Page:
April 23, 2015 |
Mia is the kind of woman who once made a list of 257 must-haves in a future mate, including a sense of humor and an affinity for avocados. She assembled a wedding binder before Dan had even proposed and picked out a name for their firstborn before the baby was conceived. When that child, Judah, was 2, Mia - intent on conceiving again - endured Clomid injections, ovarian cysts, and surgery for endometriosis. She started acupuncture. She and Dan consulted a reproductive endocrinologist.
April 12, 2015 |
By the time A.A. arrived in my office, she had spent almost a year looking for answers. In November 2012, she was 45 and struggling to lose weight and keep her blood pressure down. What sounds like a common scenario, however, was anything but. A.A. was experiencing fatigue and malaise, and the area around her eyes bruised easily. Another puzzling symptom: She said she was acutely aware of her neck. It wasn't pain, but awareness. She was losing more hair than usual in her brush and had stopped menstruating, and her skin broke open easily.
February 27, 2015 |
FORMER TORONTO mayor Rob Ford is trying to cash in on the memoribilia market. Ford, who went on well-publicized drug- and alcohol-fueled binges while mayor, is auctioning off the NFL team logos tie he wore when he announced he had smoked crack cocaine in November of 2013. The tie is one of manny items he has posted on eBay. As of last night, the highest bid on the neckwear was $7,772.72 Canadian, or $6,223.15 in U.S. currency. A description of the tie on the website reads: "This is the original piece, not a reproduction - there is only one of these in existence.
December 14, 2014 |
When Christopher Teti was diagnosed with aggressive brain cancer in 2011, Kevin D. Judy performed traditional surgery at Thomas Jefferson University Hospital. He removed a portion of Teti's skull and cut out the tumor. When a second tumor showed up this year, Judy tried a far less intrusive approach. He and colleagues drilled a dime-size hole in the patient's skull, inserted a slender, laser-emitting wand, and destroyed the malignant growth with heat. Aside from the drilling part, Judy did the procedure from a separate room, pushing down on a foot pedal to turn on the laser inside Teti's skull.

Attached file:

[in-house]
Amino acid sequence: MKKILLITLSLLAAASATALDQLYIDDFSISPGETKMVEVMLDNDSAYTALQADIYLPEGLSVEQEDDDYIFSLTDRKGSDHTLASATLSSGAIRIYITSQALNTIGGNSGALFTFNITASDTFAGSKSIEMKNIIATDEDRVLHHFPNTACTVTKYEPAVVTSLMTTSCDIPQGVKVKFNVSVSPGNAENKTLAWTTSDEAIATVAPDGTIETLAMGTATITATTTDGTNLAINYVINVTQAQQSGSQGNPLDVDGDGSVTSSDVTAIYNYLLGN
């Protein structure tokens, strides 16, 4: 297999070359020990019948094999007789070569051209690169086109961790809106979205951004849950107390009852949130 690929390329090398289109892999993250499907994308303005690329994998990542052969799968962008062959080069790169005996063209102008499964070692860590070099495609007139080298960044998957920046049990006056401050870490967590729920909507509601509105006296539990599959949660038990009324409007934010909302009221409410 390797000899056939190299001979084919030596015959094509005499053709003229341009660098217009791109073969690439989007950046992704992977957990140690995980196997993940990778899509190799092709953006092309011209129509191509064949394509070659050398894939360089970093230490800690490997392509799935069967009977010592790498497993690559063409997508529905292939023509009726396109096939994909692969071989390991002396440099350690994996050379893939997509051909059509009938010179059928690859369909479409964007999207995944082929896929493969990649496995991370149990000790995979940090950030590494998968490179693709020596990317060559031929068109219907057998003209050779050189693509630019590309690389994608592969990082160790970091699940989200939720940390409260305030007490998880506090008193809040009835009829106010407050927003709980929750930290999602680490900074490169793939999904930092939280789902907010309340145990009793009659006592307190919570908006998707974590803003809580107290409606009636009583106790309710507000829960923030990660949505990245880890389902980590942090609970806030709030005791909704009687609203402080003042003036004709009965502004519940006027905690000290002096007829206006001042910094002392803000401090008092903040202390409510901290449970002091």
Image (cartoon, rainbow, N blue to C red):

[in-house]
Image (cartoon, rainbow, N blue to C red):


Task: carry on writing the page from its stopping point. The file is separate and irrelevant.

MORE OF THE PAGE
December 1, 2014 |
Tim Lynch has a theory about why he beat the brutal brain cancer glioblastoma. Even with intensive treatment, the average survival is about 15 months. As the tumor grows, it destroys the very abilities that define people as human - thinking, feeling, communicating. Brittany Maynard, who at age 29 became the face of the right-to-die movement, was so determined to cut short the inevitable horror that she ended her life with a lethal prescription this month in Oregon, 10 months after her glioblastoma diagnosis.
September 22, 2014 |
A third of patients who undergo surgery to remove cancerous tumors end up with microscopic pieces left behind. These overlooked remnants can lead to the recurrence of cancer after what was thought to be a successful surgery. Two surgeons at the University of Pennsylvania have joined forces to try to solve this problem. Their solution: making tumors glow. Using a combination of injectable dyes and high-resolution cameras, the surgeons found a way to image tumors during surgery and more easily identify their margins.
August 4, 2014 |
By feline standards, Zeb was a social cat. He spent much of his time in the kitchen, where he could mingle with his owners and the other family pets. But two years ago, his behavior started to change. His owners, Ricki and Ed Johnson of Schwenksville, would often find him hiding in a box. He became lethargic and seemed to have difficulty eating. The 9-year-old domestic shorthair started defecating in an indoor potted plant and urinating in a closet - not unusual for some cats, perhaps, but Zeb had always been fastidious.
March 24, 2014 |
Her three sisters brought her to the emergency room at Mercy Fitzgerald Hospital. For the last month she had been having increasing problems with thinking and she could no longer walk on her own. One month before, she was living independently with her daughter in Virginia, but now she looked to her sisters a lot like their elderly mother who died a few years ago of Alzheimer's disease. How could this happen almost overnight? In the emergency room, her vital signs were normal and she could tell the doctors the right place, month, and year.
March 9, 2014 |
With surgery and chemotherapy, Roberta Bash, 67, of Downingtown beat advanced-stage ovarian cancer in 2010. Then, it came back. "Cancer can go dormant, and I didn't know that," she said. The second time, Bash wanted to explore all her options - including an experimental treatment at Penn Medicine that manipulates a patient's tumor cells to trigger an immune response. So, during her surgery last March, instead of allowing her tumor to be tossed out or donated for research, she saved it. The company StoreMyTumor, which markets itself as a concierge service for tumors, negotiated the tissue's harvest, processing, and cryopreservation.
October 28, 2013 |
Some call it the "icing on the cake. " Others deem it the "illusion of a protrusion. " But for Patricia Missiras, 57, of Brookhaven, having 3-D areolas and nipples tattooed to her reconstructed breasts goes much deeper. It's part of her quest to put her bilateral mastectomy, chemo, and radiation firmly in the rear-view mirror. "I want to look as normal as I did before," she says. "I know it's not going to look exactly the same, but I want to get back to where I was before all of this happened.